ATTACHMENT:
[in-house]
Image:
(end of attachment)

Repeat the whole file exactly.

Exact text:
[in-house]
Image: